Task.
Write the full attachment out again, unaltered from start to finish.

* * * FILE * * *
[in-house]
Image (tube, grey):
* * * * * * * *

[in-house]
Image (tube, grey):